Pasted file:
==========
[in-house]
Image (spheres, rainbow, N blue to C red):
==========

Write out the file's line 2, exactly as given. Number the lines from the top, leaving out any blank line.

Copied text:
Image (spheres, rainbow, N blue to C red):